KDE still makes Qt

A couple of years ago, I made a blog post, KDE makes Qt, with data about which percentage of Qt contributions came from people starting in KDE. Basically, how many Qt contributions are made by people who used KDE as a “gateway” drug into it.

I have now updated the graphs with data until the end of September 2017:

KDE still makes Qt

Many of these changes are made by people not directly as a result of their KDE work, but as a result of their paid work. But this doesn’t change the fact that KDE is an important project for attracting contributors to Qt, and a very good place to find experienced Qt developers.

Posted in english, kde, qt

Leaky lambdas and self referencing shared pointers

After a bit of a debugging session, I ended up looking at some code in a large project

The connection gets removed when the pointer inside m_foo gets de-allocated by the shared_ptr.
But the connection target is a lambda that has captured a copy of the shared_ptr…

There is at least a couple of solutions.

  • Keep the connection object (QMetaObject::Connection) around and call disconnect in your destructor. That way the connection gets removed and the lamda object should get removed
  • Capture the shared pointer by (const) reference. Capture the shared pointer as a weak pointer. Or as a raw pointer. All of this is safe because whenever the shared pointer gets a refcount of zero, the connection gets taken down with the object.

I guess the lesson learnt is be careful when capturing shared pointers.

Posted in english, kde, qt

Let Qt models meet std::vector<std::tuple<…>>

The problem

So. I was stuck with a container of tuples that I wanted to see in a Qt view (QTableView, QtQuick ListView or similar). So how to do that?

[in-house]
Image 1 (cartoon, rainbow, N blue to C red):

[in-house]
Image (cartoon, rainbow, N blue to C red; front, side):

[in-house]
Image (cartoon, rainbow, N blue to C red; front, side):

Another problem: I haven’t been doing fun things with templates recently.

A solution?

After a bit of hacking, it seems like it can just be done like

and … tada:

Of course, we are also QtQuick friendly

and a delegate containing the following


can give:

But enough about creation.

Whattabout manipulation?

Luckily we got you covered. Insert two extra rows at position 1?

Append a row?

Remove 2 rows at position 3?

Replace the underlying list?

Read-only looping over the elements?

The Qt model of course also accepts setData calls.


If anyone is interested I will polish the code a bit and publish it. If that’s the case, how should I name this thing?

And I did get around doing fun things with templates again.

Posted in english, kde, Pocket projects, qt

R is for Randa

This week I have been gathered with 38 KDE people in Randa, Switzerland. Randa is a place in a valley in the middle of the Alps close to various peaks like Matterhorn. It has been a week of intense hacking, bugfixing, brainstorming and a bit of enjoying the nature.

R is for Reproducible builds

I spent the first couple of days trying to get the Qt Documentation generation tool to reproducible generate documentation. Some of the fixes were of the usual ‘put data in an randomized datastructure, then iterate over it and create output’, where the fix is similar well known: Sort the datastructure first. Others were a bit more severe bugs that lead to the documentation to shuffle around the ‘obsolete’ bit, and the inheritance chains. Most of these fixes have been reviewed and submitted to the Qt 5.6 branch, one is still pending review, but that hopefully gets fixed soon. Then most of Qt (except things containing copies of (parts) of webkit and derivatives) should be reproducible.

R is for Roaming around in the mountains

Sleeping, hacking and dining in the same building sometimes leads to a enormous desire for fresh air. Luckily in the middle of the alps, it is readily available, and at least once a day many people went for a walk. To say hi to a sheep. Or to just go uphill until tired and then going back down. Or just finding a circle around. For this area, OpenStreetMap seems to have better maps than Google. We also went on a nice group trip to Zermatt and surroundings, sponsored by our friends in Edeltech.